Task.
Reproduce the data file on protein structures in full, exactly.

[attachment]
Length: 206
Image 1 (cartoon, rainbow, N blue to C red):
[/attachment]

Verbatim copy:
Length: 206
Image 1 (cartoon, rainbow, N blue to C red):